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- This article relates to European tram engines. For U.S. tram engines see Steam dummy
Steam tram engines
In the steam locomotive era, tram engines had to comply with certain legal requirements, although these varied from country to country:
- The engine must be governed to a maximum speed of 16 kilometers per hour (9.9 mph) (12 km/h or 7.5 mph in the UK)
- No steam or smoke may be emitted
- It must be free from noise produced by blast or clatter
- The machinery must be concealed from view at all points above 10 centimeters (3.9 in) from rail level
- condensing the exhaust steam and returning the condensate to the water tank
- Reheating the exhaust steam to make it invisible
- Beyer, Peacock
- Henry Hughes
Hughes's Locomotive & Tramway Engine Works, Loughborough started building tram engines in 1876. His engines were of the saddle-tank type and exhaust steam was condensed in a tank under the footplate by jets of cold water from the saddle-tank.
- Kitson & Co
Kitson & Co. started to build tram engines in 1878. They used a roof-mounted, air-cooled, condenser of thin copper tubes in which the exhaust steam was condensed. This is rather like the radiator on a modern road vehicle. The air-cooled system eventually became standard for steam tram engines.
- William Wilkinson
William Wilkinson of Wigan patented the exhaust steam reheating system about 1881. It now seems bizarre to re-heat steam after, rather than before, use because it would involve waste of fuel. Despite this, the Wilkinson system was popular for a time and engines of the Wilkinson type continued to be built up to about 1886. Similar reheaters were also used for road steam wagons, such as the Sentinel.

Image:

Other British builders of steam tram engines included:
- Aveling and Porter
- Charles Burrell & Sons
- Dick, Kerr & Co.
- Thomas Green & Son
- Manlove, Alliott & Co. Ltd.
- Manning Wardle
- Merryweather & Sons
United States of America
A small number of steam tram engines were manufactured in Australia to Baldwin designs by Henry Vale, T. Wearne and the Randwick Tramway Workshops.
- Kitson 0-4-0 steam tram engine (Portstewart Tramway No,1) at Streetlife Museum of Transport, Kingston upon Hull
- Kitson 0-4-0 steam tram engine (Portstewart Tramway No.2) at the Ulster Folk and Transport Museum, Cultra, County Down.
- Kitson 0-4-0 steam tram engine (Christchurch Tramways No.7) at the Tramway Historical Society of New Zealand, Ferrymead, Christchurch, New Zealand.
- Beyer Peacock 0-4-0 steam tram engine at National Tramway Museum, Crich, Derbyshire
- Krauss 0-4-0 Gamba de Legn tram engine at the "Leonardo da Vinci" National Museum for Science and Technology in Milan, Italy.
- 0-4-0 Ateliers de Tubize 1912 steam tram engine in Settimo Milanese (Milan), Italy.
- Henschel & Sohn 0-4-0 steam tram engine (Darmstadt Tramway No.7, "Feuriger Elias") at Darmstadt-Kranichstein Railway Museum, Germany.
- Three Sydney Steam Tram Motors survive in museums.
In popular culture
The character Toby the Tram Engine, from The Railway Series children's books by the Rev. W. Awdry, and the spin-off TV series Thomas & Friends, was based on the LNER Class J70 tram engines that were to be found on the Wisbech and Upwell Tramway.
Other types of propulsion
Diesel tram engines
Electric tram engines
There are a few examples of electric tram locomotives designed to pull traditional railway carriages through streets.
Stored energy types
Tram engines have been built to run on stored energy in various forms, including:
These engines have not met with great success because of their limited range.
- History of the Steam Tram by H. A. Whitcombe, published by the Oakwood Press in 1961
- The British Steam Tram by J.S. Webb, Tramway and Light Railway Society
- A History of the British Steam Tram, volume 1, by David Gladwin, 2004
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